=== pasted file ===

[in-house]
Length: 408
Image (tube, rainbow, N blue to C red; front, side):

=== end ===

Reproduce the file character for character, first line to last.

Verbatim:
[in-house]
Length: 408
Image (tube, rainbow, N blue to C red; front, side):